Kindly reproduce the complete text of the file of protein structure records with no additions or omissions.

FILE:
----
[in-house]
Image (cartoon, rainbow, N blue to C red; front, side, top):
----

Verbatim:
[in-house]
Image (cartoon, rainbow, N blue to C red; front, side, top):